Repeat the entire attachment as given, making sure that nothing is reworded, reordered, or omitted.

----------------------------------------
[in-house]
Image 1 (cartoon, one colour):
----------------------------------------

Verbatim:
[in-house]
Image 1 (cartoon, one colour):